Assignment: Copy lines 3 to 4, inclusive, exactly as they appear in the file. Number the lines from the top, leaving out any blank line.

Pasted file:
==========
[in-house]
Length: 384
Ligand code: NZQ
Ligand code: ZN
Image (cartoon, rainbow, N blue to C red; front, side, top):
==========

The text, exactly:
Ligand code: NZQ
Ligand code: ZN